Shadows, written for McTier, Inouë, and pianist Sturrock, has its roots in a poem by Ursula Vaughan Williams, in my opinion an underrated writer. The speaker recalls a dance from years ago and a former lover. After a brief introduction, the music becomes a sensuous waltz, filled with regret. Again, the work doesn't run long, but it does go deep.
I must admit that in general I don't care for pieces for solo melody instrument. I tend to wink out during their course. In Disturbed Nights for solo oboe, Hawkins provides an easy-to-follow variations structure and throws in a dramatic shape besides, but I really don't get it. It makes very little impression on me. Fortunately, it's not long. I just plain don't care for it, which means you might.
On the other hand, Gestures is a brilliant tour-de-force for two violas. Unlike Waiting, the range has contracted. Unlike Brief Encounters, Hawkins can't resort to the variety of two completely different timbres. The music itself belies the stodgy, insurance-salesman image of the viola. Hawkins invests the piece with a Bartókian vigor and drive from first note to last. My only complaint is that it's over too quickly. More movements! I want more movements!
As its name implies, Quietus, for string trio, touches on death, in this case that of Mary Silverthorne, the violist's wife. This isn't acceptance, but grief and rage. Again, Hawkins's talent for psychological drama shows itself. One can imagine this music as an "inner soundtrack" to life. It's a wonderful piece, but again I want more. I feel that the piece abandons me. More movements!
The short Variations for piano, however, conveys more emotional payoff than its length seems to promise. The highly-chromatic theme nevertheless has a clear shape, easily followed in its transformations. Furthermore, the work as a whole convinces as a large movement, with a masterful "narrative" flow. Much of what I realize about the architecture of the piece comes from Kathron Sturrock's playing. She not only conveys the shape of each variation, but its place in the whole, and there's a "natural," singing quality to her phrasing besides. She manages beautifully subtle shifts in tempo without crossing over into the soupy, and she applies a large palette of tonal color tastefully.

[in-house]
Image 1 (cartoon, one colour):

The major work (other than Worlds Apart and the Variations) is the song cycle for voice and orchestra Voices from the Sea, written to poems by those who make their living on ships. This shows, like no other item on the program, Hawkins's considerable range. The poems, all from professionals, don't indulge the usual clichés. One sailor wonders why he ever chose this living, viewing it as a compulsion rather than a choice. Another describes the sudden, horrible death of a mate with objective precision. The first thing that grabs me is the Hawkins melos - unpredictable and individual, yet without breaking down the traditional boundaries of song. Hawkins doesn't give us a heap of recitative, but actually finds a coherent musical structure that fits the poems. The string writing owes something, I think, to the Britten of Les Illuminations and Peter Grimes, as does the emotional, Grimesian tone. It conjures up the ocean's slate-gray menace.
This music demands not only technique but understanding, and all the performers deliver. Silverthorne and McTier play with depth. Martyn Hill has always been one fine, communicative singer. You can actually understand his words, and he declaims poetry as if he knows what it means. We hear Hill, Pay, and the Divertimenti strings in a live performance, without studio magic, and it's a very good account. Although I didn't care for his solo, I fault myself rather than oboist Christopher O'Neal, who has a beautiful sense of line. All the players have put their talent at the service of the music. I hope some genius record producer takes up Hawkins's work. This CD has whetted my appetite.
Side note: With the exception of the song cycle, the works on the CD were recorded in a single day. That tells you something of the caliber of the musicians here.
Copyright © 2005, Steve Schwartz